Delta State University received a $32,100 grant from the Phil Hardin Foundation to fund an initiative in which undergraduate students in a creative writing poetry class and their faculty member from the Division of Languages and Literature will serve as mentors to middle- and high-school students associated with the Rosedale (Miss.) Freedom Project. The affiliation, called The Spoken Word Freedom Project, will begin in fall 2020 and conclude in spring 2021.
“We are grateful for and excited about this opportunity to expand art programming to under-resourced Delta communities,” said Don Allan Mitchell, associate professor of English at Delta State and the campus point person for the alliance. “The Hardin Foundation’s commitment to improving educational opportunities for all Mississippians is vital to the enduring culture of the Delta and we’re honored to engage in this work. This project will allow our students and the Rosedale Freedom Project (RFP) fellows to collaborate in their artistic development and showcase a permanent record of that partnership. RFP Cofounder and Executive Director Jeremiah Smith, Program Coordinator Lydia DuBois, Director of Operations Lynn Washington, and the RFP fellows are doing important work, and I look forward to highlighting their efforts.”
The Spoken Word Freedom Project intends to teach both mentor- and mentee-students about the benefits of the history and use of spoken-word composition and performance. This exploration will take place in workshop settings at DSU and at the LEAD (Love, Action, Education, and Discipline) Center at the Rosedale Freedom Project. Those four principles guide RFP, whose mission is: “Supporting the Mississippi Delta’s young leaders in the development of critical consciousness and the practice of justice through community building, exploration, artistic creation, organizing, and the study of social history and grassroots democracy.”
Participants also will have the opportunity to study and create poetry that might relate to personal experiences or community issues. Their culminating activity will be a spoken-word performance at Delta State’s annual Winning the Race conference that addresses racial healing and equity and social justice. To prepare for that show, scheduled for spring 2021, RFP fellows and their DSU undergraduate counterparts will work with a professional performance artist.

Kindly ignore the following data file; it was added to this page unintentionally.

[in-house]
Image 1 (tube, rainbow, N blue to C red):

The Phil Hardin Foundation, based in Meridian, Miss., underwrote this joint activity because the endeavor fits its longstanding goal to be “a catalyst for educational opportunity and community improvement in Mississippi,” as the website states. Since being created in 1964, the Hardin Foundation has invested more than $60 million toward strengthening the capacity of its community, region, and state to meet educational challenges.
“We are so thankful to Executive Director Lloyd Gray and the board of directors of the Phil Hardin Foundation for partnering with us on such an important project,” said Dr. Nerma Moore, director of development and corporate giving manager at the DSU Foundation. “Self-expression is an essential part of life and overall growth. When young adults have a chance to express themselves in an environment where they feel safe and believe that their voices are heard, they are generally more active and more productive in society. The Phil Hardin Foundation has supported us for many years, and to be able to re-engage at this time for this new and noteworthy project is truly special.”